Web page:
Ber­lin’s Other Wall

Where Berlin - - SIGHTSEEING -

The in­fa­mous Ber­lin Wall stood for 29 years, but from 1737 to 1860, the city was sur­rounded by an­other wall, one which served both as for­ti­fi­ca­tion and as a means of fa­cil­i­tat­ing the levy­ing of taxes on im­ports and ex­ports. Many of the U- Bahn sta­tions to­day are named af­ter the city's toll­gates, the most im­por­tant hav­ing been the Bran­den­burg Gate, while the south­ern­most part of the for­ti­fi­ca­tion fol­lows to­day’s U1 line, with gates lo­cated at Hallesches Tor, Kot­tbusser Tor, and Sch­le­sis­ches Tor. The toll­gate on the Spree River block­ing the wa­ter­way to dis­cour­age smug­glers was a gi­ant boom made of spiked tree trunks. This bar­rier, called an was what gave the Ober­baum­brücke (pic­tured) its name. .‚‚ camp, Sach­sen­hausen saw mainly po­lit­i­cal pris­on­ers in its first years, while Jews, gyp­sies, ho­mo­sex­u­als, and peo­ple con­sid­ered “in­fe­rior” ar­rived a few years later. Daily 8:30am– 6pm (midOct– mid- Mar un­til 4:30pm); Mon mu­se­ums and ex­hi­bi­tions closed. Free. Guided tours avail­able. www.stiftung- Straße der Na­tio­nen 22, Oranien­burg. T: 03301.200200. S Oranien­burg or RE Oranien­burg train from Haupt­bahn­hof. Off Map

Stasi Pri­son

MUST SEE Be­tween 1945 and 1989, more than 20,000 peo­ple sus­pected of op­pos­ing the East Ger­man po­lit­i­cal sys­tem were ar­rested by the Stasi (se­cret po­lice) and brought to this cus­tody build­ing. In its first and dark­est years, the pri­son’s cel­lars, known as “the sub­ma­rine,” were used to in­flict psy­cho­log­i­cal tor­ture on the in­mates, while the rel­a­tively more hu­mane cells are on the up­per floors, next to a seem­ingly never- end­ing cor­ri­dor lined with in­ter­ro­ga­tion rooms. Tours in English on Wed, Sat, and Sun at 2:30pm. € 5/2.50. en.stiftung- Gensler­str. 66. T: 030.98608230. S Landsberger Allee, then Tram M5 to Freien­walder Str., then 10- minute walk. Off Map

To­pogra­phie des Ter­rors

MUST SEE On the site of the former head­quar­ters of the SS and the Third Re­ich’s most im­por­tant of­fices, this per­ma­nent ex­hi­bi­tion re­counts the tragic his­tory of Nazi forced la­bor, fo­cus­ing on the cen­tral in­sti­tu­tions of the SS and Third Re­ich po­lice and the crimes they com­mit­ted through­out Europe. A pre­served seg­ment of the Ber­lin Wall runs along ex­hi­bi­tion grounds. To Jan 3: Ger­many 1945: The Last Months of the War. Daily 10am– 8pm. Free.­pogra­ Niederkirch­n­er­str. 8. T: 030.2545090. U Kochstraße, S+U Pots­damer Platz. E4

Trä­nen­palast (Palace of Tears)

Un­til 1990, the de­par­ture hall of the Friedrich­straße sta­tion was also a bor­der cross­ing for West Ber­lin­ers on their way home af­ter vis­it­ing rel­a­tives and friends in the East. The many painful farewells brought lo­cals to re­name the build­ing the “palace of tears.” The per­ma­nent ex­hi­bi­tion Bor­der Ex­pe­ri­ence: Ev­ery­day Life in Di­vided Ger­many re­counts the ef­fects of the bor­der on Ger­man res­i­dents of the time. Tue– Fri 9am–7pm (Sat–Sun un­til 6pm). Free. Re­ich­stagufer 17. T: 030.46777790. S+U Friedrich­straße. E3 MUST SEE One of the city’s main at­trac­tions and the old­est zoo in Ger­many in­cludes pavil­ions that pro­vide am­ple in­door space, mak­ing the venue suit­able for rainy days. The zoo boasts the largest num­ber of species and to­tal an­i­mal res­i­dents in the world. The aquar­ium, one of the largest in Europe, fea­tures large tanks with pi­ra­nhas, sharks, and al­li­ga­tors. Daily 9am– 6pm. Zoo or aquar­ium: €13/6.50, un­der-5s free. Com­bined Zoo-Aquar­ium ticket: € 20/10. www.aquar­ium- ber­, www.zoo- ber­ Har­den­berg­platz 8. T: 030.254010. S+U Zool­o­gis­cher Garten. C4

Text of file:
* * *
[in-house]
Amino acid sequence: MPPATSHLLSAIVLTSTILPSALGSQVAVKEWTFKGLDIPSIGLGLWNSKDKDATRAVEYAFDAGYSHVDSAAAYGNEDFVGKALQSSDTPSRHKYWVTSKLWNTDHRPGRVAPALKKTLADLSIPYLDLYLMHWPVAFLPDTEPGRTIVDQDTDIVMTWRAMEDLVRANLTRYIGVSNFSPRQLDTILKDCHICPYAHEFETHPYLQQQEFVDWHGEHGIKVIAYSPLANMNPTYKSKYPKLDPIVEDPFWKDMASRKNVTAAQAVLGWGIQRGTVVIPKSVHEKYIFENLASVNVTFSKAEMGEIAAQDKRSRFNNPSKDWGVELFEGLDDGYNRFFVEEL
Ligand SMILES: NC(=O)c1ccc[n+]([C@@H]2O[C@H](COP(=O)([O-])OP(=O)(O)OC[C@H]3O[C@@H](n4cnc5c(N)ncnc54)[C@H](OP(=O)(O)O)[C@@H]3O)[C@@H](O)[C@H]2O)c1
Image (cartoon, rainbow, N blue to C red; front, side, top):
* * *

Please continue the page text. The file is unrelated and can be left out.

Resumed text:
Botanis­cher Garten

This large park was de­signed in the Ro­man­tic English style, with hills, lakes, and pretty green­houses. There is a palm house and a whole sec­tion ded­i­cated to ex­otic plants, in­clud­ing or­chids, cacti, and car­niv­o­rous plants. Daily 9am– ca. one hour be­fore sun­set. Mu­seum closes at 6pm. €6/3. Köni­gin- Luise-Str. 6- 8. T: 030.83850100. S Botanis­cher Garten. Off Map

Cur­ry­wurst Mu­seum

Learn about Ber­lin’s most fa­mous street food at this small but en­ter­tain­ing mu­seum. Delve into Cur­ry­wurst his­tory, dis­cover the se­crets of its yel­low sauce in the "spice cham­ber," and watch movies star­ring the de­li­cious sausage. Daily 10am– 8pm. €11/ 7, un­der- 6s free. www.cur­ry­wurst­mu­ Schützen­str. 70. T: 030.88718647. U Kochstraße, U Stadt­mitte. E4

Deutsches Tech­nikmu­seum

MUST SEE At the mu­seum for all things tech­nol­ogy, the old lo­co­mo­tives and avi­a­tion rooms are the most pop­u­lar at­trac­tions, while a Rosi­nen­bomber, a 1948 Ber­lin Air­lift air­craft, is mounted on the mu­seum’s roof. A hands- on sec­tion al­lows kids to con­duct ex­per­i­ments. Mon– Fri 9am– 5:30pm, Sat–Sun 10am– 6pm. €6/3.50. Treb­biner Str. 9. T: 030.902540. U Möck­ern­brücke, U Gleis­dreieck. E4

Domäne Dahlem City Farm

A real farm in the Ber­lin sub­urbs, with a manor house from the 1600s, boasts farm grounds that are still in use, com­plete with all the usual barn­yard an­i­mals. There’s also a small ex­hi­bi­tion of an­cient agri­cul­tural tools and a Satur­day- morn­ing farm­ers’ mar­ket. Wed– Mon 10am– 6pm in sum­mer. Farm: Free ex­cept dur­ing spe­cial events. Mu­seum: € 3/1.50.­ Köni­gin- LuiseStr. 49. T: 030.6663000. U Dahlem Dorf. Off Map

Madame Tus­sauds

Have your pic­ture taken with An­gela Merkel, Al­bert Ein­stein, One Di­rec­tion, or a host of other fa­mous names in en­ter­tain­ment and pol­i­tics. And, yes, there's even a wax Adolf Hitler, de­picted as a lit­tle man stand­ing in de­spair in his bunker dur­ing his fi­nal days. The leg­endary wax mu­seum also has a sec­tion ex­plain­ing how the fig­ures are made.

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